FFRF awards brave grads $1,000 student activist scholarships

The Freedom From Religion Foundation is delighted to be awarding $1,000 student activist awards to two brave graduating high school seniors in the bible belt who courageously protested unlawful graduation prayers.

Both seniors have been offered $1,000 cash scholarships. One award, the Thomas Jefferson Youth Activist award, is endowed annually by a kind West Coast couple. The other is the Catherine Fahringer Memorial Student Activist Award.

Harrison HopkinsHarrison Hopkins, graduating next week from Laurens District High School in Laurens, S.C., contacted FFRF, asking the state/church watchdog to object to an unlawful senior class vote over prayer at commencements. FFRF’s Senior Staff Attorney Rebecca Markert sent three strong letters of complaint. When the high school suspended the vote, it created a community uproar. Harrison went public, explaining to media, including TV, why religion in public schools is unconstitutional and divisive. He has faced rumors of assault and a whispering campaign.

Damon Fowler, who graduated May 21 from Bastrop High School, Bastrop, La., is receiving a $1,000 scholarship for his courage and conviction in protesting illegal graduation prayer at his commencement. Damon contacted his school district’s superintendent on May 15, warning the principal that if prayer stayed on the schedule, he would contact the ACLU. The local newspaper the following day announced prayer would be dropped, then quoted teacher Mitzi Quinn criticizing the decision and making this derogatory comment: “What’s even more sad is this is a student who really hasn’t contributed anything to graduation or their classmates.” (Damon had never taken a class with this teacher.) FFRF sent a letter to the district asking for the teacher to be disciplined.

 At a May 19 awards ceremony for graduating seniors, a student who had previously been selected to give the invocation announced a moment of silence, then identified herself as a Christian and prayed to Jesus to loud cheers and applause by Damon’s classmates. FFRF then complained on Damon’s behalf when he was told he would receive his diploma last at the graduation ceremony.

The school, at FFRF’s request, placed Damon back in his scheduled place in line for graduation, but ignored FFRF’s letter objecting to the scheduled moment of silence as a sham. Stephanie Schmitt, FFRF attorney, wrote: “This student was originally chosen for the invocation and is brought on stage for no other reason than to allow an opportunity for prayer to be given.” At Damon’s graduation a student subsequently led the entire stadium in a recitation of the Lord’s Prayer. A follow-up joint letter by FFRF and other groups was sent on May 26 to protest the District’s mishandling of this situation.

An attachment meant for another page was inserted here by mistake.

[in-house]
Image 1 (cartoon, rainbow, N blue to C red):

Damon will be a guest on Freethought Radio’s Saturday show (which streams live May 28 and is later podcast).

“We are so impressed with these young men, who have the guts to stand up to rogue school officials and a mob mentality by classmates, in order to defend the U.S. Constitution and freedom of conscience,” said Annie Laurie Gaylor, FFRF co-president.

“The picture of an entire school body arrayed against a single minority student is shocking and disturbing. Instead of treating them as pariahs, the schools ought to be honoring these students for standing up for constitutional principles.”

FFRF has established two annual student activist awards, each endowed for $1,000 annually. But already this year, FFRF has designated four student activists to receive $1,000 cash scholarships. Sarah McNair of Giles County, Va., received an award for speaking out against Ten Commandments in public schools there. At its July event at Lake Hypatia, Ala., FFRF is giving an award to Duncan Henderson, a 15-year-old in Auburn, Ala., who has courageously fought for the right to have a freethought club at his public school, but has been censored by school authorities. Duncan was recently featured on “Nick News.”

FFRF would love to be able to recognize even more courageous students and youth activists. You may make a donation deductible for income tax purposes to FFRF scholarships. All donations will go to deserving students. Or consider endowing a new formal student activist award via FFRF.

Freedom From Religion Foundation

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